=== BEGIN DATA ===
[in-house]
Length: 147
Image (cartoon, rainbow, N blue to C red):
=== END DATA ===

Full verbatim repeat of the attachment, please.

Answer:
[in-house]
Length: 147
Image (cartoon, rainbow, N blue to C red):